State National Parks of California
Where will your adventure lead you?
Cabrillo National Monument
This park celebrates the explorer Juan Rodriguez Cabrillo, the first European to set foot on the California coast. A museum exhibition documents Cabrillo's life and travels, as well as early California native peoples and industries. The site also features abundant natural beauty: hillsides covered with flowers, birds nesting in the trees and lizards darting across every pathway. A lookout point near the park's Old Point Loma Lighthouse provides one of the best places anywhere on land to observe migrating gray whales.
Castle Mountains National Monument
From the sweeping vistas atop towering Hart Mountain to the rocky canyons and sandy washes of the valley floor below, Castle Mountains National Monument celebrates the spirit of adventure, inspiration, and sense of wonder evoked by the California desert. The monument is a biologically diverse gem: golden eagles, Swainson’s hawks, and prairie falcons soar through the clear blue skies, while mountain lions, bighorn sheep, coyotes, and bobcats traverse its rugged terrain. The Castle Mountains are also home to a unique assemblage of plants, some of which are found nowhere else in California, as well as the historic mining town of Hart where miners searched for gold in the early 20th century. Visitors can enjoy stunning vistas of California and Nevada desert mountain ranges, including Nevada’s Spirit Mountain, which is listed on the National Register of Historic Places and revered by numerous southwestern Native American tribes.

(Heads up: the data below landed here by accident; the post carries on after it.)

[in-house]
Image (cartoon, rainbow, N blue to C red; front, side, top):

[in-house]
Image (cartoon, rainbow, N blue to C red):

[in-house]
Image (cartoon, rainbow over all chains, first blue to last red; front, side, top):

Devil's Postpile National Monument
This monument takes its name from a cliff of cooled lava that formed into striking hexagonal columns some 100,000 years ago. These unusual 60-foot formations are some of the finest examples of columnar basalt in the world. The park's dramatic Rainbow Falls are another natural wonder at the park, where they plunge 101 feet into the San Joaquin River.
Eugene O'Neill National Historic Site
Eugene O’Neill was America’s only Nobel Prize-winning playwright, and this home and studio on 13 wooded acres in Contra Costa County is where he wrote many of his best-known and most celebrated works, including A Long Day’s Journey into Night, The Iceman Cometh and A Moon for the Misbegotten. O’Neill and his wife Carlotta designed the home, known as the Tao House, with a curious mix of Chinese and Spanish architectural influences. Reservations are required to see Tao House, and visitors must use a shuttle to access the property (no private vehicles are permitted). Contact the park's reservation line a week or two in advance for a tour.
Fort Point National Historic Site
Fort Point has stood guard over the narrow entry into San Francisco Bay for 150 years, and served as a base for architects and builders of the Golden Gate Bridge.
Golden Gate National Recreation Area
Golden Gate National Recreation Area encompasses more than two dozen natural, historic, and cultural sites in and around the city of San Francisco. Experience the isolation of Alcatraz, America’s first “supermax” prison. Stroll beneath towering trees in Muir Woods. Walk on the beach at the Marin Headlands. Tour half a dozen operational and shuttered military facilities, including an active missile site. Hike miles of trails, and enjoy unforgettable ocean views. Scan the horizon from the 150-year-old Point Bonita Lighthouse.
Joshua Tree National Park
Joshua Tree's 794,000 acres preserve portions of two spectacular desert ecosystems. The Colorado Desert in the eastern portion of the park features natural gardens of creosote bush, ocotillo, and cholla cactus. The higher, slightly cooler Mojave Desert features dazzling vistas of Joshua trees and yucca. The park also features some of the most interesting geologic displays found in California's deserts and is a mecca for rock climbers around the world.
Lassen National Volcanic Park